Step 2: Preparation of an exposé and confirmation of supervision

Approx. 7-10 months before submission:

  • Before the commitment for supervision is officially given, the student prepares an exposé in coordination with his/her supervisor.
  • The content and steps to a successful exposé can be found in the material in the so-called Oberseminar Community on UniConnect. There you will find templates for the structure as well as examples from other students.
  • Important: The exposé will be discussed and accepted (or initially rejected with feedback) in a joint session with the professor.
  • Sign copyright declaration. Only when the copyright declaration and the acceptance of the exposé have been received, the confirmation of supervision is given.
  • At the latest after receiving the acceptance, the student independently creates and maintains a community on UniConnect, to which the supervising person(s) are added as "owner(s)". All relevant (interim) results (e.g. the exposé) and meeting minutes are stored in the community by the student. Furthermore, between meetings, the supervisors are informed about the current status of the work in regular blog posts.

Step 3: Registration of the thesis at the examination office

6 months before submission:

  • Registration of the thesis with the examination office according to the rules of the examination regulations applicable to this thesis.

Step 4: Writing phase (writing of the thesis and participation in the Oberseminar)

0-6 months before submission:

  • Supervision: At least 2 days before a meeting, provide the documents to be discussed (with reference) and send the agenda as a calendar invitation.
  • After each meeting, the student writes a brief summary/list of resolutions and to-dos.
  • The Oberseminar is to be attended until the colloquium is completed.
  • Each candidate gives two presentations: Starter presentation: first presentation in the Oberseminar on the planned procedure/topic. Colloquium: Second presentation on the results of the work followed by a discussion (according to the examination rules).
  • In case of illness: Inform the supervisor about the reasons for absence (by e-mail).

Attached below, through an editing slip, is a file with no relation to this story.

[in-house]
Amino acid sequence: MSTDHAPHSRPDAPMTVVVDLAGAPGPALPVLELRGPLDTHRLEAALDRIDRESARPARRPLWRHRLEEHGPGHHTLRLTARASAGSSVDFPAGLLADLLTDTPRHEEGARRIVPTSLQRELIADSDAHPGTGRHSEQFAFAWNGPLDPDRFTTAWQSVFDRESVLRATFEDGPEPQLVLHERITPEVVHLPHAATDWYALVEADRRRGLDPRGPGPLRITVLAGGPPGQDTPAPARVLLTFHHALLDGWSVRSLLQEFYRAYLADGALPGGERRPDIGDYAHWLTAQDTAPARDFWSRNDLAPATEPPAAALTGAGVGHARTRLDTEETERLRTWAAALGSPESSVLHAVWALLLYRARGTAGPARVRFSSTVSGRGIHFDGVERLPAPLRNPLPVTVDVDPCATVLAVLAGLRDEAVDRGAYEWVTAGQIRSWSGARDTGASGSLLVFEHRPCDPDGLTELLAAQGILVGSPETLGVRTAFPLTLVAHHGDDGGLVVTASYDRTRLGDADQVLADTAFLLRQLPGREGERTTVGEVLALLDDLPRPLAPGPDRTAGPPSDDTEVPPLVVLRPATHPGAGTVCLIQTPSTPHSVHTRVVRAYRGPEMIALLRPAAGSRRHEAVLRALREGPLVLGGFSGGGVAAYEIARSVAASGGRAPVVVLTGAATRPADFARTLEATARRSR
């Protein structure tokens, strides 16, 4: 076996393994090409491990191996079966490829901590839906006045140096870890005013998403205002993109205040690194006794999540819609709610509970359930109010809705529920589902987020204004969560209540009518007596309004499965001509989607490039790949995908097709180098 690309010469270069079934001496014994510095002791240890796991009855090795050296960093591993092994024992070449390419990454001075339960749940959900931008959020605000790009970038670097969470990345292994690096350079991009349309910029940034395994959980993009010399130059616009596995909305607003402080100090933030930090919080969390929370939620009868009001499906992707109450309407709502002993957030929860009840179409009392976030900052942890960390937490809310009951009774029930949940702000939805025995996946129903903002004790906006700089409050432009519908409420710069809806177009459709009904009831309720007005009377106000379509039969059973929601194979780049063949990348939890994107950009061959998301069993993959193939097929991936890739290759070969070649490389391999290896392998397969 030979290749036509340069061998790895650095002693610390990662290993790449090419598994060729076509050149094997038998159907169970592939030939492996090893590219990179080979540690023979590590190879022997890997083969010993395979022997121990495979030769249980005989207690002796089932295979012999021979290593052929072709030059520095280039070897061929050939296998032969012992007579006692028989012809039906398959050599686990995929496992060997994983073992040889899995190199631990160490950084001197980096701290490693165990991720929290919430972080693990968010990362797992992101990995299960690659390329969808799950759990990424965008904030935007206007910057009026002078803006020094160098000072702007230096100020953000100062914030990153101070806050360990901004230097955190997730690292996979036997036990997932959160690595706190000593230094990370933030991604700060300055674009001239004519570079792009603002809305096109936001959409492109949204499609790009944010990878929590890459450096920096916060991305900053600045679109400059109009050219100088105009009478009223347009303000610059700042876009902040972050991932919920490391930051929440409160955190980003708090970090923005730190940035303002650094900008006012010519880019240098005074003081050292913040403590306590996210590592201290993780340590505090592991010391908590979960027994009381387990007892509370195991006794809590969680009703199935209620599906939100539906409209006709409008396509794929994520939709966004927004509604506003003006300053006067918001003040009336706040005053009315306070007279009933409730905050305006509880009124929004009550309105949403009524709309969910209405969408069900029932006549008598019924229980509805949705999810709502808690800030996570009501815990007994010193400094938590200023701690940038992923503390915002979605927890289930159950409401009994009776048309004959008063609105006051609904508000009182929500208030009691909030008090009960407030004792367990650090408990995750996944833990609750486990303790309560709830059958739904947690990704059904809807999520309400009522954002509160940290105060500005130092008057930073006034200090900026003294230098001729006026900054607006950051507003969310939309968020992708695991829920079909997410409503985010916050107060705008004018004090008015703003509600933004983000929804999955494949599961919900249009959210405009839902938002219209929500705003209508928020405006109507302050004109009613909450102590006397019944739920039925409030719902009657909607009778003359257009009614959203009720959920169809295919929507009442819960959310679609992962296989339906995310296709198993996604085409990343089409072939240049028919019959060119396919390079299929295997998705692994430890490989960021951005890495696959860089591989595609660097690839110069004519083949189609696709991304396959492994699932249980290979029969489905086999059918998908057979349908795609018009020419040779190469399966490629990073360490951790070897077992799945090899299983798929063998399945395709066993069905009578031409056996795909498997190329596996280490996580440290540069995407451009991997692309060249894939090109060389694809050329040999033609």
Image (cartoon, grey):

Step 5: Submission of the thesis to the examination office

Before the deadline:

  • The candidate must ensure that the submission deadline is met.
  • The submission is carried out according to the rules of the examination rules applicable to this work.

Step 6: Colloquium

Shortly before or after submission of the thesis to the examination office:

  • The successful completion of the theses includes the presentation of the results in the colloquium. This usually takes place within the Oberseminar (must be arranged and scheduled accordingly). The colloquium can take place shortly before or after the submission of the thesis to the examination office (e.g. in the first course of the Oberseminar in the following semester).
  • The submission of the final reports to the examination office takes place no later than 4 weeks after the last examination performance (submission/colloquium)

Additional Information on an Expression of Interest for a Theses via E-Mail

If you plan to contact one of the responsible research assistants via e-mail, please include the following information:

Subject: The e-mail should have the subject "Expression of Interest Master Thesis/Bachelor Thesis"

Topic: Which topic or topic area are you interested in investigating (see list of topics above)

Motivation: What makes this topic interesting to you and why is it a suitable topic for academic research?

You as the researcher: Why do you consider yourself suitable to study the selected topic? For example, have you completed a course, Proseminar, Projektpraktikum (PP), or Forschungspraktikum (PP) in the topic area? Are you working in a company that is involved in the topic area?

Type of research: What are your research strengths? What type of research methods do you prefer? e.g. practical research (programming, designing, problem-solving), working with a company, analytical research, literature analysis etc.

Academic history: Attach the KLIPS transcript of your course history.

Start time: When do you plan to start your thesis?

General Requirements

To write a Bachelor's or Master's thesis at the FGEIM you need to meet the following FGEIM specific requirements.

Please note: we are open to all students however, we give preference to students who have successfully completed one or more of our Bachelor's and/or Master’s courses. For example, Proseminar, Enterprise Information Management (EIM), Information Design (ID), Information, Technology and Society (ITS), and Research Methods (RM) or have successfully completed our Projektpraktikum (PP) or Forschungspraktikum (FP).






Scientific work and plagiarism

Of course, you must adhere to the universally valid principles of scientific writing, especially regarding plagiarism.

In scientific work such as Bachelor's or Master's thesis, you must indicate all sources used by means of a recognized citation style (e.g., APA or Harvard). Any violations against the exam regulations regarding plagiarism will be strictly handled.

The employees and supervisors of the thesis generally check every submitted work for compliance with the principles of scientific work. This includes, in particular, the correct and complete use of sources. Please consider the respective regulations in the exam regulations.